In this blog post I will show you how you can integrate Webpack, a Javascript module builder/loader, with Babel to automate the transpiling of ES2015 code to ES5. Besides that I'll also explain you how to automatically generate source maps to ease development and debugging.

Webpack Introduction

Webpack is a Javascript module builder and module loader. With Webpack you can pack a variety of different modules (AMD, CommonJS, ES2015, ...) with their dependencies into static file bundles. Webpack provides you with loaders which essentially allow you to pre-process your source files before requiring or loading them. If you are familiar with tools like Grunt or Gulp you can think of loaders as tasks to be executed before bundling sources. To make your life even easier, Webpack also comes with a development server with file watch support and browser reloading.

Installation

In order to use Webpack all you need is npm, the Node Package Manager, available by downloading either Node or io.js. Once you've got npm up and running all you need to do to setup Webpack globally is install it using npm:

npm install -g webpack

Alternatively, you can include it just in the projects of your preference using the following command:

npm install --save-dev webpack

Babel Introduction

With Babel, a Javascript transpiler, you can write your code using ES2015 (and even some ES7 features) and convert it to ES5 so that well-known browsers will be able to interpret it. On the Babel website you can find a list of supported features and how you can use these in your project today. For the React developers among us, Babel also comes with JSX support out of the box.

Alternatively, there is the Google Traceur compiler which essentially solves the same problem as Babel. There are multiple Webpack loaders available for Traceur of which traceur-loader seems to be the most popular one.

Installation

Assuming you already have npm installed, installing Babel is as easy as running:

npm install --save-dev babel-loader

This command will add babel-loader to your project's package.json. Run the following command if you prefer installing it globally:

npm install -g babel-loader

Project structure
webpack-babel-integration-example/
  src/
    DateTime.js
    Greeting.js
    main.js
  index.html
  package.json
  webpack.config.js

Webpack's configuration can be found in the root directory of the project, named webpack.config.js. The ES6 Javascript sources that I wish to transpile to ES5 will be located under the src/ folder.

Webpack configuration

The Webpack configuration file that is required is a very straightforward configuration or a few aspects:

  • my main source entry
  • the output path and bundle name
  • the development tools that I would like to use
  • a list of module loaders that I would like to apply to my source
var path = require('path');

module.exports = {
  entry: './src/main.js',
  output: {
    path: path.join(__dirname, 'build'),
    filename: 'bundle.js'
  },
  devtool: 'inline-source-map',
  module: {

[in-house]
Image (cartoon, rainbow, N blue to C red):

loaders: [
      {
        test: path.join(__dirname, 'src'),
        loader: 'babel-loader'
      }
    ]
  }
};

The snippet above shows you that my source entry is set to src/main.js, the output is set to create a build/bundle.js, I would like Webpack to generate inline source maps and I would like to run the babel-loader for all files located in src/.

ES6 sources A simple ES6 class

Greeting.js contains a simple class with only the toString method implemented to return a String that will greet the user:

class Greeting {
  toString() {
    return 'Hello visitor';
  }
}

export default Greeting
Using packages in your ES2015 code

Often enough, you rely on a bunch of different packages that you include in your project using npm. In my example, I'll use the popular date time library called Moment.js. In this example, I'll use Moment.js to display the current date and time to the user.

Run the following command to install Moment.js as a local dependency in your project:

npm install --save-dev moment

I have created the DateTime.js class which again only implements the toString method to return the current date and time in the default date format.

import moment from 'moment';

class DateTime {
  toString() {
    return 'The current date time is: ' + moment().format();
  }
}

export default DateTime

After importing the package using the import statement you can use it anywhere within the source file.

Your main entry

In the Webpack configuration I specified a src/main.js file to be my source entry. In this file I simply import both classes that I created, I target different DOM elements and output the toString implementations from both classes into these DOM objects.

import Greeting from './Greeting.js';
import DateTime from './DateTime.js';

var h1 = document.querySelector('h1');
h1.textContent = new Greeting();

var h2 = document.querySelector('h2');
h2.textContent = new DateTime();
HTML

After setting up my ES2015 sources that will display the greeting in an h1 tag and the current date time in an h2 tag it is time to setup my index.html. Being a straightforward HTML-file, the only thing that is really important is that you point the script tag to the transpiled bundle file, in this example being build/bundle.js.

<!DOCTYPE html>
<html lang="en">
<head>
    <meta charset="UTF-8">
    <title>Webpack and Babel integration example</title>